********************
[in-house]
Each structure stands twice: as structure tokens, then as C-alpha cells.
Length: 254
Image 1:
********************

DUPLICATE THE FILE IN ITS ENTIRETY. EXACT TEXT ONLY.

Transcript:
[in-house]
Each structure stands twice: as structure tokens, then as C-alpha cells.
Length: 254
Image 1: